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Kill Zone 2 (2015) aka Sha Po Lang 2, Tony Jaa meets his equals in this gritty crime thriller martial arts film.

January 16, 2018

MY CALL:  So much more brutal, exciting and interesting than the first Kill Zone (2005), and featuring multiple excellent martial artists!  MOVIES LIKE Kill Zone 2: Well, this is a sequel… so Kill Zone (2005) along with the far more brutal The Raid: Redemption (2011).

Any else love it when Tony Jaa gets those rambunctious running starts?

Kill Zone (2005) was about revenge—mean revenge.  Now, ten years later director Pou-Soi Cheang (The Monkey King 1-3) escalates the plot to the black market organ trade.  But much as the Fast and Furious sequels expanded their family values and geographic coverage, this sequel accordingly spans Hong Kong to Thailand and includes more family ties than its predecessor and that sense of blood ties urgency is strong here.

Chan Kwok Chung (Simon Yam; Lara Croft Tomb Raider: The Cradle of Life, Ip Man 1-2, Kill Zone) and his nephew Kit (Jing Wu; Wolf Warrior, Kill Zone) get caught up with organ traffickers who run a Thai prison and incarcerate Kit.  Our boss bad guy is in need of a transplant from his unwilling brother.  Chatchai (Tony Jaa; Ong-Bak, The Protector, Furious 7) needs a transplant for his little daughter, and he works with her godfather as guards in the Thai prison.  Oh, and the organ harvesting prison warden Ko Hung (Jin Zhang; Pacific Rim Uprising) is apparently an all-star ninja assassin in a three-piece suit.  With all this going on it should come as no surprise that the plot gets complicated.

Much as I found Kill Zone (2005) to outweigh its martial arts with drama, so follows part 2 for most of the first half of the film.  This had me worried at first.  Both are very gritty mainstream crime movies that are more about the crime-fighting than the kung fu fighting, except part 2 lets the kung fu (and muay thai) shine in the second half.  Instead of just bullet-ravaged bodies in firefights, we have guns disarmed in close-quarters, leading into modernized Asian action: kung fu while wearing suits because they offer such great mobility!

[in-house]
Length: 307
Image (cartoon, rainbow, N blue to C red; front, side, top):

And speaking of martial arts, I felt that Tony Jaa’s acrobatic stunt talents were a bit underutilized, and his combat action and choreography in Furious 7 (2015) felt more “exciting” even if not technically richer or more stunt-heavy.  But let’s be clear.  I really enjoyed the action in this movie.  When the fights fired up, the combat was richer with grappling and stabbings than part 1 (which was more classically techniqued).

Like its atmosphere, the fight scenes mix the style of chaotic street brawls and classic kung fu cinema; even the action photography and editing fit this notion.

The best fights are saved for the end. The tonfa-knife fight in the lobby was great, and the final fight brought together the three best fighters in the film for a long, drawn out, wire-work spectacle during which Jaa appropriately explodes into a whirlwind of knees and skull-cracking elbows.  However, everyone gets their moments (and a LOT of them).  Which brings me to the notion that, much to my surprise, this was not a Tony Jaa movie.  This was a Jaa-Wu-Zhang triple showcase.

I appreciated the more visceral action, the amusing chaos of the prison riot, and the fact more than just one hero and one villain were able to brandish their skilled flare.  In my opinion, way better than part 1 and well worth owning.

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